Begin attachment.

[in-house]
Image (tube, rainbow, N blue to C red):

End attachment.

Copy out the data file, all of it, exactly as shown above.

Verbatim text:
[in-house]
Image (tube, rainbow, N blue to C red):